Primary images in the second Valley Grove tapestry are the stone church and a Ladies Aid member. This new tapestry underway has so many details and small elements in the pattern-filled background that it looks quite messy when you look at it on the loom. “Have faith,” I tell myself, “this design will come together in the end.” I’ve decided that I am not going to reveal full in-process photos from my loom, but will share woven elements along the way and talk a bit about why they are included.
The bottom and top borders honor the very old Norwegian Baldishol Tapestry, from 1180.
However, two of the ribbons in the bottom border will be replaced by the rooster motif from the weathervane at the top of the Valley Grove stone church.
Here is the first of two roosters from the bottom border of the tapestry.
Do you see the straight pins on the weaving? They are used to attach the cartoon to the loom. The tapestry is woven on its side, so the pins are at the top of the weaving. This tapestry has so many details and uses so many decorative joins and the weaving is SO SLOW. It’s a wonderful puzzle, one that requires constant decisions and so much concentration. How will this EVER get done? What was I thinking? But then–oh, I have to move the pin up closer to the line of weaving! I have a jolt of satisfaction as I realize that I am making progress.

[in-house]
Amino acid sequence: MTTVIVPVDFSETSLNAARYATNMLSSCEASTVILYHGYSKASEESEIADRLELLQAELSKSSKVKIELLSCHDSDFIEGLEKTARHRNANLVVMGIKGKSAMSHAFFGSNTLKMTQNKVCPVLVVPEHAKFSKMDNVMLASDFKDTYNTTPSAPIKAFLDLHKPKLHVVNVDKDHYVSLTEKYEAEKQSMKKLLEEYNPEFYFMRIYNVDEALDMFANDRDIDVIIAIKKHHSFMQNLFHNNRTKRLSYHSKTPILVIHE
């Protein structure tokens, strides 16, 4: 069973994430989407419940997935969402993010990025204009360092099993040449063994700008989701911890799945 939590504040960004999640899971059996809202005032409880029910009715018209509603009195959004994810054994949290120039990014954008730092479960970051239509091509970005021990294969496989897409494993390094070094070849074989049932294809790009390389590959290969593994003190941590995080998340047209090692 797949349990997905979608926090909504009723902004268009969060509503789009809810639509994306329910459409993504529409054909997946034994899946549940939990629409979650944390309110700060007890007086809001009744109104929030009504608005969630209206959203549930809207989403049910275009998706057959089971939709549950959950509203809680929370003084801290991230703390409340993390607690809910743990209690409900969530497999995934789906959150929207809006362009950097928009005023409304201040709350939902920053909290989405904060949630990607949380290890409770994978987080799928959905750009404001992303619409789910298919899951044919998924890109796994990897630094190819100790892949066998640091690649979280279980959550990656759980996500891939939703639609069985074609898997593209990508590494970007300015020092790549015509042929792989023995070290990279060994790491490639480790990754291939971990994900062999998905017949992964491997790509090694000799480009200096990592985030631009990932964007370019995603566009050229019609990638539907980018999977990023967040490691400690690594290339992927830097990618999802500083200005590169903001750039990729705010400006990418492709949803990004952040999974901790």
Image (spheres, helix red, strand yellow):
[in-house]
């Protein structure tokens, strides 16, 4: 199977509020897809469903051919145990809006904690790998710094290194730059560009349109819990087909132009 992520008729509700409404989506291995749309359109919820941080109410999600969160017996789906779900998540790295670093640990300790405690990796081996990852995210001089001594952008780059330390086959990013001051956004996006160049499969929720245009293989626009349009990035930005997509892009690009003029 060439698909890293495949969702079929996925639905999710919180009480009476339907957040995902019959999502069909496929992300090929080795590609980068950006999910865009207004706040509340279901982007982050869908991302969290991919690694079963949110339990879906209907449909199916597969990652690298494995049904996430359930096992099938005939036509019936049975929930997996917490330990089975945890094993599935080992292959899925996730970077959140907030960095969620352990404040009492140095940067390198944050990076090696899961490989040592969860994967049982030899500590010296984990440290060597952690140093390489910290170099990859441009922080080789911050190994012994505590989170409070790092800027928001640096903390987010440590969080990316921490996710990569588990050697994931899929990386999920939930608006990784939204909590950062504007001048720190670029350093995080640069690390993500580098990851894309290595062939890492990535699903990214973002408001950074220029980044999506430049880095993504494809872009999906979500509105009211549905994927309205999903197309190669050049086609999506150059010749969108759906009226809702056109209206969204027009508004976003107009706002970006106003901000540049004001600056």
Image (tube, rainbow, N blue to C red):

A rooster weathervane graced the original church in the 1800s, but by 1905 the original steeple was removed. When the Valley Grove Preservation Society replaced the long-gone weathervane, they followed a 19th century pencil drawing found on an old board that was used to guide construction of the original.
John Maakestad used the old sketch to guide construction of the replacement.
Here’s the rooster atop the stone church steeple.
The rooster also appears, in an abstracted form, on the woven stone church. I was worried about weaving the church, that it would be sort of large and boring within the design. The steeple looked difficult to weave attractively, and how would I represent the windows? I couldn’t depict the window panes realistically. But it’s turning out well! The steeple lines are clear and crisp, and the little blob at the top of the steeple has a bit of rooster-like quality. I decided to weave the windows in pick-and-pick technique (or kjæringtenner, if we are using Norwegian), which works well for the billedvev abstracted style.
Happy New Year, everyone! After coming out of a three-week Christmas-cancelling tunnel of influenza, I am happy to have this colorful challenge each day.